The Cinnamon Life hotel has already started marketing.

Related Sri Lanka’s Cinnamon Life begins marketing, accepts bookings


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Sri Lanka to find investors by ‘competitive system’ after revoking plantations privatizations

ECONOMYNEXT – Sri Lanka will revoke the privatization of plantation companies that do not pay government dictated wages, by cancelling land leases and find new investors under a ‘competitive system’, State Minister for Finance Ranjith Siyambalapitiya has said.

Sri Lanka privatized the ownership of 22 plantations companies in the 1990s through long term leases after initially giving only management to private firms.

Management companies that made profits (mostly those with more rubber) were given the firms under a valuation and those that made losses (mostly ones with more tea) were sold on the stock market.

The privatized firms then made annual lease payments and paid taxes when profits were made.

In 2024 the government decreed a wage hike announced a mandated wage after President Ranil Wickremesinghe made the announcement in the presence of several politicians representing plantations workers.

The land leases of privatized plantations, which do not pay the mandated wages would be cancelled, Minister Siyambalapitiya was quoted as saying at a ceremony in Deraniyagala.

The re-expropriated plantations would be given to new investors through “special transparency”

The new ‘privatization’ will be done in a ‘competitive process’ taking into account export orientation, worker welfare, infrastructure, new technology, Minister Siyambalapitiya said.

It is not clear whether paying government-dictated wages was a clause in the privatization agreement.

Then President J R Jayewardene put constitutional guarantee against expropriation as the original nationalization of foreign and domestic owned companies were blamed for Sri Lanka becoming a backward nation after getting independence with indicators ‘only behind Japan’ according to many commentators.

However, in 2011 a series of companies were expropriation without recourse to judicial review, again delivering a blow to the country’s investment framework.

Ironically plantations that were privatized in the 1990s were in the original wave of nationalizations.

Minister Bandula Gunawardana said the cabinet approval had been given to set up a committee to examine wage and cancel the leases of plantations that were unable to pay the dictated wages.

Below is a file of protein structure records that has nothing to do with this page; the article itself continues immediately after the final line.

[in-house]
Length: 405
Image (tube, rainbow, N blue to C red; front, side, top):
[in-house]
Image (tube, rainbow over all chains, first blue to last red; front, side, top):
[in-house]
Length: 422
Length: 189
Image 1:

Sri Lanka state interference in plantation wages escalates into land grab threat

From the time the firms were privatized unions and the companies had bargained through collective agreements, striking in some cases as macro-economists printed money and triggered high inflation.

Under President Gotabaya, mandating wages through gazettes began in January 2020, and the wage bargaining process was put aside.

Sri Lanka’s macro-economists advising President Rajapaksa the printed money and triggered a collapse of the rupee from 184 to 370 to the US dollar from 2020 to 2020 in the course of targeting ‘potential output’ which was taught by the International Monetary Fund.

In 2024, the current central bank governor had allowed the exchange rate to appreciate to 300 to the US dollar, amid deflationary policy, recouping some of the lost wages of plantations workers.

The plantations have not given an official increase to account for what macro-economists did to the unit of account of their wages. With salaries under ‘wages boards’ from the 2020 through gazettes, neither employees not workers have engaged in the traditional wage negotiations.

The threat to re-exproriate plantations is coming as the government is trying to privatize several state enterprises, including SriLankan Airlines.

It is not clear now the impending reversal of plantations privatization will affect the prices of bids by investors for upcoming privatizations.

The firms were privatized to stop monthly transfers from the Treasury to pay salaries under state ownership. (Colombo/May25/2024)